Training

What To Do When You Cannot Finish Your Reps In Your Set?

May 16th 2019

You are working out in the gym and you find that you cannot finish the working set reps for a particular exercise. If you have been strength training for any amount of time consistently, you will know that failure is another part of learning in the strength training community. In fact, some people may argue that failure is THE best teacher when it comes to learning. You will not take for granted anything that has significantly impacted your life or health.

What To Do when I Can’t Finish My Reps?

If you can’t finish your reps, there are several training methods that lifters can use in order to continue training hard without feeling sorry for themselves:

 

  • Follow the three strike rule
  • Deload 10% and restart
  • Add more sets
  • Write it off as an off day
  • Check what you are doing outside of the gym

 

If you are a beginner in strength training, you will probably be doing a 5x5 program, Greyskull LP, or Starting Strength. Regardless of what you do, all beginner strength training programs incorporate linear progression. This means that after every successful workout, you will increase the amount of weight you lifted in the next session. For example, if you are squatting 210lbs for 3 sets of 5 reps, in the next squat workout you will squat 215lbs for 3 sets of 5 reps.

The issue comes where you cannot do the recommended amount of reps. What should you do then? Well, if you are running a general strength training program, it is outlined in detail about what you should do when you are unable to finish your reps. To make it brief, you have one of two options:

  • You have three strikes in order to finish your reps

This means that you will have three consecutive workouts in order to finish your reps. It will be okay if you fail the first two workouts but as long as you can finish your reps by the third session, it is okay.

  • Deload 10% and restart

For more advanced beginners, a three-strike approach may not be appropriate due to the amount of training stress that the lifter has not experienced. Personally, I would advise lifters to go through the pains and depths of the three-strike approach. It will open your eyes on how far you can push your body.

But more about this method of training - some lifters can just take 10% off their working set and continue on progressing. This minor deload will be enough recovery time for your body to push past the minor plateau.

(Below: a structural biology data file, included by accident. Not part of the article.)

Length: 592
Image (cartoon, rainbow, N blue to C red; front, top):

But what if you are not on a strength program? What if you are doing pullup accessories and cannot finish your reps? What should you do then? And if you are on a 3x10 bodybuilding program where the fitness goals cannot really be measured in numbers, but more about perception?

For less structured programs and more flexible exercise selections, the lines of what to do are a little more blurred. This is precisely what makes working out so exciting for me! So, here are a few invitations on what you should do when you think you ran into a brick wall:

Add more sets

If you originally planned to hit a 3x8 on pullups for example but was only able to hit 6-7 reps today on all three sets, you can add another one. Sure, it may not be what is written on your program but there is a lot more going on in programming than just your reps and sets. For instance, one important programming concept that all lifters consider is whether or not you are improving. For beginners, they are measured on how often they can improve each workout. For intermediate lifters, they are measured on how often they can improve each week. For advanced lifters, they are measured on how often they can improve each month.

Many coaches will also take a look at the amount of volume you do per week, depending on your training cycle. Of course, as you continue to peak towards a competition, your volume will general taper off. But for most of strength training, your volume should be steadily increasing. One, this will help your work capacity. Two, you are getting stronger.